Jukebox the Ghost - "Oh, Emily"


If you like: Ben Howard, Amos Lee, Otis Redding
Michael Kiwanuka, an expressive and eloquent singer-songwriter, has a voice that really gets into your soul. This incredibly talented Brit has gotten quite the spotlight after touring as Adele's opener, and truly deserves it. His debut album, Home Again, displays his immense musicality and deep emotion in his songwriting. If you'd like a preview of Kiwanuka live, check out this Take Away Show he did with La Blogotheque, and be ready to be blown away by his set this weekend. 

Michael Kiwanuka - "Home Again"
 

If you like: Blitzen Trapper, Dawes, Edward Sharpe and the Magnetic Zeros
With a little bit of blues, a tinge of folk, and a lot of rock, Cory Chisel and his band really reflect the age of Bob Dylan, Johnny Cash, and the other legends. You can't help but get inspired by the spirit of these musicians, with some truly great classic rock-style anthems and tender, bluesy ballads. Even though they have an early set time (12PM on Saturday), make sure to get over to the Sutro Stage to see this talented band perform!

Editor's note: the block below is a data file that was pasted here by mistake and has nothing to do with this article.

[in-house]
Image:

Cory Chisel and the Wandering Sons - "Born Again"


If you like: Dispatch, G. Love, Jack Johnson
Sean Hayes brings about a romantic, passionate gesture toward music. This soulful singer-songwriter, a San Francisco-based artist, croons with a rough yet entirely soothing warmth that echoes another era. Check out the music video below for his new single, "Miss Her When I'm Gone." His full album, Before We Turn To Dust, is due out September of this year.


Sean Hayes - "Powerful Stuff"



Check out Part 2 of our Guide To Outside Lands here!

March 03, 2011

WELCOME

You are now inside Write To The Beat. How do you feel? We feel great! This site is dedicated to the exposure of wonderful music that brings us happiness and we hope will do the same for you. So come on in and grab an earful.

Explore and enjoy.

Ben and Jonah

Curious about our name?
Watch this.

Contact us at writetothebeat@gmail.com